A militant left-wing group that disbanded three decades ago re-entered the public consciousness this month when Sarah Palin accused Barack Obama of “palling around with terrorists.”
Obama had been linked to the former leader of the Weather Underground, a US anti-war group which in the seventies sought to “bring the war home” through a campaign of militant direct action against targets on home soil.
The Weathermen, as they were known, took care to avoid injuring people in the course of their campaign.
But they saw little role for ordinary people in the struggle for a peaceful world. What was needed was an elite group of highly committed individuals, who would be prepared to go to any lengths to disrupt the war machine.
In 1973 the US government backed a coup in Chile which brought the dictator Augusto Pinochet to power. When evidence emerged of the involvement of a conglomerate called ITT Corporation, the Weathermen
had their next target. Surely any action that hindered the activities of an organisation complicit in a brutal totalitarian regime was morally justified – perhaps even a moral obligation.
On 28th September 1973, ITT received warnings to evacuate its staff and the Weather Underground detonated bombs in ITT’s headquarters in New York and Rome. Of course, this single act of sabotage
did not solve the problem of war. Perhaps the Weathermen hoped their spectacular action would inspire others to take matters into their own hands, and eventually the apparatus of destruction would be brought to a halt. The American populace was not so inclined, and there was no-one to replace the Weathermen when they turned themselves in to the authorities in the late seventies.
Why had no-one realised that they too could help change the world, if only they were determined enough? Did the entire American people support Pinochet, the My Lai massacre and the other crimes which the Weathermen tried to avenge? Were they complicit?
The Weathermen should not have been surprised that their campaign failed. They seemed to know early on that the average American had no interest in insurrection. Instead they appealed to an alienated subculture
of American youth. “Freaks are revolutionaries and revolutionaries are freaks,” declared an early communiqué.
It was not through excessive wealth that ordinary people had no appetite for direct action. In fact the opposite was true. It was only the privileged background of the Weathermen (they were the children of bankers and lawyers) which allowed them to commit so unconditionally to the cause. With a little more empathy they might have realised that they were not giving Americans the chance to support peace when ordinary people had mortgages and families to worry about. In fact they were probably damaging the prospects for mass anti-war protests by fuelling the inevitable association of peace activists with what looked to ordinary people like an extremist minority.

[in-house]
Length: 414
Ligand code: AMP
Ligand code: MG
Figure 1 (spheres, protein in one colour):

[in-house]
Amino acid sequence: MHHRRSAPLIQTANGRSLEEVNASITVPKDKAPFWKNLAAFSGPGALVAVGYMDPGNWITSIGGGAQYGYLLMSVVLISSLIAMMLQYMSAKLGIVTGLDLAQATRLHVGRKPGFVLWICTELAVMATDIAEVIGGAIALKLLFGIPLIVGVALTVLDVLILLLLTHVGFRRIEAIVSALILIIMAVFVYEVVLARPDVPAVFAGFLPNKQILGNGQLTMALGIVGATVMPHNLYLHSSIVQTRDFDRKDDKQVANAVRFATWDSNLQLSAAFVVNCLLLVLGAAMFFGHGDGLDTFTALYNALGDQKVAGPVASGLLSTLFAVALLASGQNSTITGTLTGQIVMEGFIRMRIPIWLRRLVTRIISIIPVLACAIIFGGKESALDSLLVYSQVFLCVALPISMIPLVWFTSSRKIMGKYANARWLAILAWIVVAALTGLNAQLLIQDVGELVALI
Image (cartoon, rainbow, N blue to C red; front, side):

This week, ITT Corporation will be targeted by anti-war protesters much closer to home. A group called Smash EDO will march from campus to the factory of ITT’s subsidiary in Moulsecoomb.
The corporation is guilty of new crime – manufacturing weapons used in Iraq – but the philosophy of its antagonists bears many similarities.
They haven’t gone to the lengths of the Weathermen, but Smash EDO have made clear they hold the same disdain for the very people they should be trying to bring on side. They regularly protest noisily outside the EDO factory, shouting at the workers, calling them “murderers”. For Smash EDO, the workers are complicit
– after all, getting a different job would be as easy as, say, getting drunk in the union bar or writing an essay on Foucault. Presumably when they scheduled this week’s ‘mass’ demonstration they forgot that ‘the mass’ don’t get Wednesday afternoons off. Their last such demonstration resulted in the PR coup of mothers with pushchairs having to run the gauntlet of hundreds of masked up peace protesters, who marched down Lewes Road pursued by riot police.
The most shrill pro-war voices on campus will condemn Smash EDO in terms similar to those Palin used against Obama. Those of us who believe just as strongly in peace – but also that it could never be achieved by the actions of a minority, however noble – should be cautious. Direct action might seem moral but it doesn’t necessarily serve the interests of peace, and might even be precluding it.